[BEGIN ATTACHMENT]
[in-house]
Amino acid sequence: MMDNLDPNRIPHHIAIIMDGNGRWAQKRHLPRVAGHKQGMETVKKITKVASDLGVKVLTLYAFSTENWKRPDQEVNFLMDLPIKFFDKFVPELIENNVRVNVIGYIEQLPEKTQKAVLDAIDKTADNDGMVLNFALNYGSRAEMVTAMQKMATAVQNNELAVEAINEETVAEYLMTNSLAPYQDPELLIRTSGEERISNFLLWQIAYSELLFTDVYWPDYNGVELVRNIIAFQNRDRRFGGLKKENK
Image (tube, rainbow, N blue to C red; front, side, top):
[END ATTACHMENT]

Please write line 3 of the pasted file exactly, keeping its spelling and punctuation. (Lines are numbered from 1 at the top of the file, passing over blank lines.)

Image (tube, rainbow, N blue to C red; front, side, top):